Why I let people get my kids obnoxious toys for Christmas

As a mom of soon to be 4 kids 5 and under I know a thing or two about toys.

I know that toys can be a lifesaver.  Nearly every afternoon Gus spends an hour at his Lego table happily playing in silence while Bernadette and Dominic nap and I pray/do the dishes/clean/blog.  And that is a little slice of heaven.  In the same way, Dominic can happily crawl around the kitchen with a tractor while I make supper instead of begging to be held.  Once again, heaven.

Because of this, I hope to never live a life without toys.

I also know, however, that certain toys are obnoxious and life with them is torture.  We used to have a walker (just donated it!) that sang such an annoying song every time it was touched/knocked/looked at that it would ring in my ears for hours.  It was the soundtrack of my nightmares.  Literally.

Another category of toys that diminish my quality of life is toys with a million pieces.  Maybe your kids excel at cleaning up messes and putting things back, but mine do not.  And, as a result I either have to nag at the kids to clean up or do it myself…over and over each day.  Yuck.  Super yuck.  Many toys in this category might also mysteriously disappear in the course of our upcoming move.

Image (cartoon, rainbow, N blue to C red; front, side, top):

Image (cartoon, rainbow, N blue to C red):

So in this spirit and with this knowledge my husband informed me that 2 of the kids’ aunts were planning on getting our kids a HUGE, RIDICULOUS ball pit for Christmas.

And we told them to go ahead.  Bring on the madness.

why I let others get my kids obnoxious toys for christmas

This might seem crazy.  I personally love reading blogs (a little too much) and have seen lots of posts describing the types of toys their kids don’t need–and for the most part I completely agree.  I think all moms are irritated by the same things and we all probably have the same types of toys in our homes that we hate.

But here’s the thing–I’m not only a mom, I’m also an aunt.  In fact I was an aunt for years and years before I became a mother and being an aunt is a sweet and wonderful thing.

Aunts live for that ecstatic smile–even if it is followed by wailing and gnashing of teeth.  Aunts get to be crazy and fun and disregard the rules.  Aunts get to spoil and leave before the meltdown or aftermath.  Aunts get to hold and snuggle a sweet little baby to sleep and then hand the baby off when he or she poops or starts to cry.

Aunts and uncles get to give their nieces and nephews absurd ball pits that will take up an entire room and come with a million balls.

My kids already have 2 parents; 2 parents to give them reasonable, educational toys this Christmas.  Parents that give them an orange instead of chocolate and put broccoli on their plate and stick to a bed time and make them share everything.  For better or worse they have us, every day, every meal, forever.

Sometimes what kids need on Christmas, in addition to us, is an aunt or two.  And, it is important to me and to my kids that an aunt gets to love them as only an aunt can.  Who am I to stick my nose in and tell them how they can and can not love my kids?

To my kids, I’m their mom.  It’s a good gig, but so is being an aunt.

Thanks for being here!

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